UK urged to set better example ahead of climate talks

04 February 2021

Climate scientist James Hansen has warned UK Prime Minister Boris Johnson that his government's decision not to block plans for a new coal mine in Cumbria, in the North West of England, means the country risks humiliation as the host of COP26. Meanwhile, the UK's Nuclear Industry Association (NIA) has published analysis showing that, although Britain remains dependent on fossil fuels, regions with both nuclear and wind power are already reaching the 2030 decarbonisation targets.

James Hansen at the 2015 climate talks in Paris (Image: World Nuclear Association)

Formerly a research at Nasa, Hansen's testimony before the US Senate helped raise wider awareness of global warming back in 1988. To his 3 February letter to Johnson, Hansen copied in the newly appointed US climate envoy, John Kerry, who told the BBC last week that the UN climate talks in Glasgow, in November, will be the "last best chance" the world has for tackling the climate crisis.

Hansen's five-page letter was published in full by The Guardian newspaper.

"In leading the UK, as host to the COP, you have a chance to change the course of our climate trajectory, earning the UK and yourself historic accolades or you can stick with business-almost-as-usual and be vilified in the streets of Glasgow, London, and around the world," Hansen wrote to Johnson.

"It would be easy to achieve this latter ignominy and humiliation. Just continue with the plan to open a new coal mine in Cumbria and continue to invest funds of the British public in fossil fuel projects overseas, in contemptuous disregard of the future of young people and nature. The contrary path is not so easy, but, with your leadership, it is realistic."

The UK accounts for about 1% of global emissions today but global warming is proportional to cumulative emissions, Hansen noted.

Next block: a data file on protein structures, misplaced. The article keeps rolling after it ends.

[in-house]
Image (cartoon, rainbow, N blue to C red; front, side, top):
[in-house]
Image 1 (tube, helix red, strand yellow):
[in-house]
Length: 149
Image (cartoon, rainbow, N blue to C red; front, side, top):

"The UK is responsible for about 5% of total emissions. UK and US cumulative emissions are each a factor of five larger than our respective portions of global population. Our large energy use served a good purpose: it raised our standards of living. But in recent decades the climate situation has emerged with clarity. We must find a new energy path in the mature economies and cooperate with emerging economies, so they can raise living standards with clean carbon-free energies.

"Despite subsidies of renewable energy, global emissions increased. Despite the current health pandemic, high energy demand continues and energy growth will re-emerge. However, an effective response to climate change requires that global emissions decline rapidly in the next few decades."

The future will be determined by the changes to the global atmosphere, the most relevant of which is the increasing amount of atmospheric CO2, Hansen said.

"Global energy use and emissions still being tabulated declined in the past year, but high emissions will continue unless decisive action informed by science is undertaken. Specifically, the science reveals that to stem the climate tide we need to phase out fossil fuel emissions by mid-century at the latest and obtain our energy from carbon-free sources such as renewable energy and nuclear power. This may seem to be a tall order, but in fact it is doable."